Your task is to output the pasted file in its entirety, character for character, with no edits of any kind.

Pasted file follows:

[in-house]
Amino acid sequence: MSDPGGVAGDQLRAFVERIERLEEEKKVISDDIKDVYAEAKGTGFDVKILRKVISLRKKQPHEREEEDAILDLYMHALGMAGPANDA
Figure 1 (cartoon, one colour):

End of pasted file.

[in-house]
Amino acid sequence: MSDPGGVAGDQLRAFVERIERLEEEKKVISDDIKDVYAEAKGTGFDVKILRKVISLRKKQPHEREEEDAILDLYMHALGMAGPANDA
Figure 1 (cartoon, one colour):